Standard proof for Larceny is 92 proof so you are getting ( roughly) about 1/3 more alcohol and a more flavor-concentrated profile than the standard. There are going to be 3 releases of this whiskey each year January, May, and September – so look out for them! The proofs will vary slightly and so will the taste to a limited degree. They will want to preserve the brand profile but that does not mean no variation to keep it interesting – just not a huge departure from batch to batch. Some other side note on this; Finally, someone has defined what they call a small batch – a previously very slippery and elastic term in the whiskey industry – in this case, 200 barrels or less. In case you were interested, that translates into roughly 7-8,000 bottles depending on the Angels’ share and assorted spillage and shrinkage factors They also have specified that the Heaven Hill wheated bourbon mashbill is ( of course since it is an outgrowth of the Fitzgerald line) is being used The mashbill is 68% corn, 20% wheat, and 12 % malted barley The age range of the barrels used in the blend is from 6 to 8 years, with the profile striving to be that of a 6-year-old bourbon, but a very mature 6-year-old.
Appearance: Lovely clear gold-amber yellow shade that shows it is a nicely aged bourbon reaching a good age ( the shift in Bourbon goes from yellow, gold to red) Decent color displayed that tells you you are probably in for a treat On swirling the bourbon leaves a thin crenelated coat on the glass with a1 crenelated edgeline that throws a few thick legs, then some droplets on the edgeline.
First Impression: Oddly different than all the other batches to date. The caramel nougat/ caramelized nutty notes than the previous batches are much less, and the Spanish cedar note seems more apparent. There is also a fruit and candy note to it that is rather new. Other notes are the usual wheat and the barrel aging that combine to come up with a honey and beeswax note with a dry mint and spice melange. Notes of leather, saddle soap, butter, dark fruit, and Spanish cedar notes for a smoother nose than you would expect for a barrel-proof issue. Some warm water opens it up nicely and lets you enjoy all those lovely aromas that would have been lost in the distillery when they proofed it down there – a definite bonus!
Taste: Actually this batch is a bit of an anomaly; to me. While I am quite used to drinking barrel-proof spirits and sometimes straight off the still distillate, this is by far the hottest of any of the Larceny barrel series I have had. Damn near undrinkable at barrel proof. Not because of the proof but the overall taste. Hot, dense, and a brandy burn rather than a grain/malt mouthfeel really. Definitely some aged Calvados/ fruit brandy type notes and an atypical grain.
Had to add some water to it to bring it down somewhere between 90- 100 proof to continue the review ( we dilute all the barrel-proof spirits down to this level to open them up for further review but this one really needed it). It is quite lovely proofed down and a stark contrast to the higher proof. Notes of apple/calvados and fruit brandy come to the fore with a nice if slightly aggressive warming.Lots of wood char and barrel aging notes give is a rustic charm which is quite pleasant. Much closer to a French brandy than a bourbon in some ways.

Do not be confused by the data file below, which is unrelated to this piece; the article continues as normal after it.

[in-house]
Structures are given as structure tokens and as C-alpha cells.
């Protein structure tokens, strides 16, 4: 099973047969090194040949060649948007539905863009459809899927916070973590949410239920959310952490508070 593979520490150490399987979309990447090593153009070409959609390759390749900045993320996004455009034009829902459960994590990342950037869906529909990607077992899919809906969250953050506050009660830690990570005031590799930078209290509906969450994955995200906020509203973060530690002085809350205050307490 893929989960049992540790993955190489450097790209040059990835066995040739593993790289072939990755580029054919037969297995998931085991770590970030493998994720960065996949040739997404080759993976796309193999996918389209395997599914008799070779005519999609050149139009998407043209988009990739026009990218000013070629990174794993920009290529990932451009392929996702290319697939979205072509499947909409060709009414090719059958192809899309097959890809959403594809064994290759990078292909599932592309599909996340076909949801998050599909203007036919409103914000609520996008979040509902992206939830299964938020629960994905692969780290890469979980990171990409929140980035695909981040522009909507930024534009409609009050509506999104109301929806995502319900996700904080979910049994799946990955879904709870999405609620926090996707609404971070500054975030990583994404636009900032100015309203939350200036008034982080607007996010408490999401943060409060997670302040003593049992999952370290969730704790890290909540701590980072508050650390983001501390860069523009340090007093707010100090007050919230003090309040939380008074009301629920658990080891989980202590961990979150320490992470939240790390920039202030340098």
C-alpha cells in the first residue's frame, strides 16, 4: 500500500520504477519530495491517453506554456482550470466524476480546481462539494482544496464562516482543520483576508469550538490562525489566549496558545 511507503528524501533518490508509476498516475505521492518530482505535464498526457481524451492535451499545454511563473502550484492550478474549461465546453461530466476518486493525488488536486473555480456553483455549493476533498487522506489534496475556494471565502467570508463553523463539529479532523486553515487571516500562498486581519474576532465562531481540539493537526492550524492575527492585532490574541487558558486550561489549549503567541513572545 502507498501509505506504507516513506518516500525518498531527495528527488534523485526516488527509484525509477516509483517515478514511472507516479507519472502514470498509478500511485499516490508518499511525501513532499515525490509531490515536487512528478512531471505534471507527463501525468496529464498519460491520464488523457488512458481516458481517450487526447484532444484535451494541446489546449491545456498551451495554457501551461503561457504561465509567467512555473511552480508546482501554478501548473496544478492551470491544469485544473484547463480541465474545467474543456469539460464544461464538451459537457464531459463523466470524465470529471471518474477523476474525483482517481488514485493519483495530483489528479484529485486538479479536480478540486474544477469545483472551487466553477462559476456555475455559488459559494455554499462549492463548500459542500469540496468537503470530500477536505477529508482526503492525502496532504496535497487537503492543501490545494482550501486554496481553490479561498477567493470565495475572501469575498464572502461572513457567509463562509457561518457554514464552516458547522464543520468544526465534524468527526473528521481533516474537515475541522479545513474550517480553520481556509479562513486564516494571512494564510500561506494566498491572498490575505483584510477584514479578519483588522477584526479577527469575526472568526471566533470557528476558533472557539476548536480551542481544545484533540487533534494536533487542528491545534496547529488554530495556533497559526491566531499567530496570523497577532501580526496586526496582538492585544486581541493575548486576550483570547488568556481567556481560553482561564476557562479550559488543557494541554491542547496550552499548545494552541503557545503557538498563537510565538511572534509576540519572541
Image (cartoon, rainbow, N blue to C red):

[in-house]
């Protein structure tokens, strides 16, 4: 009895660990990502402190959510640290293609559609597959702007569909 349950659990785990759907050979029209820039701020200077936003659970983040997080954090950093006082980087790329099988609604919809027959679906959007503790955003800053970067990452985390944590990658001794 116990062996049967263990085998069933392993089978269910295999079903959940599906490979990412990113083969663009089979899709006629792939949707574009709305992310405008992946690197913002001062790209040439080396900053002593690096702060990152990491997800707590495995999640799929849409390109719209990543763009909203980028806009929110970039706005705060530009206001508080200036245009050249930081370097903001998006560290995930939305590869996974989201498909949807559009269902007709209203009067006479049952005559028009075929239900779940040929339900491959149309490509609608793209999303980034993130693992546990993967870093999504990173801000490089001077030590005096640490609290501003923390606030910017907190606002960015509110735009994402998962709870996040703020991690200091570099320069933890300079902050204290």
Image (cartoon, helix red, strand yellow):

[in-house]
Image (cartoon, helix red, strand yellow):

Nice mouthfeel on entry. The body seems a bit more subdued with additional notes of leather, oak, and hints of light tobacco mildly oily but persistent and dryish finish ending in barrel char,some fruitand spice.
Drinks: Makes a great Manhattan playing well with the other ingredients, and the fruitiness adds a nice touch/depth. Would also recommend Old Fashioned, and a respectable Whiskey Sour, possibly in a whiskey variation of a Sidecar too.
Bottle: We did not receive a production bottle on this batch so we cannot comment.
Cigars: Davidoff Puro d’Oro or a Joya de Nicaragua Dark Corojo would probably be contenders.Something that compliments but does not overwhelm this hearty bourbon.
Final Thoughts: A very interesting variation on their usual Larceny Barrel Proof series and well worth seeking out !
Note On Barrel Proof Spirits: One thing to be said about barrel proof – you get ALL the aging characteristics and long-chain esters that develop in the aging process Anytime you add water to proof it down you end up with an exothermic reaction ( it heats up) and breaks those molecules that were created over time and the spirits off-gas the wonderful aromas into the air where they are lost to the Angels Better to go with higher proofs and add as little water to a barrel as possible over an extended time to preserve these lovely flavors As a barrel-proof whiskey, you are getting this whiskey relatively intact and untouched Also with 1/3 more alcohol by volume for the price and a more concentrated taste at $59.99 proof bottles it is a slightly better deal – and hell it stands up to mixing a lot better. It is also more of a value compared to its Elijah Craig Barrel Proof siblings which have almost the same proof and cost $10 more per bottle on average. Yes, it does not have an age statement and is a bit younger, but especially for mixing and every day, this is a good go-to! Just be careful on your overall consumption and try to go a bit lighter on the ratios to achieve your flavor profiles.
Website: http://larcenybourbon.comLarceny Barrel Proof
Quick loading and relatively informative website laid out in a logical and easy-to-navigate manner, Larceny does a decent if slightly cursory job on explaining the whiskey on this website.